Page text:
Nitration/S-nitrosation of proteins by peroxynitrite-treatment and subsequent modification by glutathione S-transferase and glutathione peroxidase
- Cite this article as:
- Kuo, WN. & Kocis, J.M. Mol Cell Biochem (2002) 233: 57. doi:10.1023/A:1015510207489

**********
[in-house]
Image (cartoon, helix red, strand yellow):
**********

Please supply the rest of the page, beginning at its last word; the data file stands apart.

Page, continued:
In various peroxynitrite (PN)-treated proteins, the formations of stable 3-nitrotyrosine (nitration) and labile S-nitrosocysteine (S-nitrosation) were observed by employing rapid Western blot in 6 h. The steps of SDS-polyacrylamide gel electrophoresis (SDS-PAGE) and membrane-blotting were performed at 4°C. It was noted that the intensity of immunoreactive bands specific for anti-nitrotyrosine was stronger than that specific for anti-S-nitrosocysteine. Additionally, the intensity was in the manner of a dose-dependency of PN. Nitration/S-nitrosation were formed in the following treated proteins, including bovine serum albumin (BSA), DNase-1, ceruloplasmin, catalase and hemoglobin (Hb). The incubation of PN-pretreated hemoglobin with 1 mM reduced glutathione (GSH) did not change immunoreactivity significantly. However, the addition of glutathione S-transferase (GST) or glutathione peroxidase (GPX) to the above incubation mixture, resulted in decreased immunoreactivity, suggesting GSH may form a transition complex with PN-pretreated hemoglobin and/or partially reduce/modify the treated hemoglobin, thereby increasing the accessibility for the subsequent modification by GST or GPX. Such decreased immunoreactivity indicates that nitrotyrosine and S-nitrosocysteine of treated hemoglobin was, indeed, further modified via (a) converting –NO2 to –NH2 in tyrosine residues, (b) denitrating –NO2 directly/indirectly in tyrosine residues, and/or (c) changing –S-NO to –SH in cysteine residues, or denitrosation. The findings imply similar enzymatic modifications of proteins may also occur in vivo, and therefore play a pivotal role in the NO-related cellular signaling cascade(s).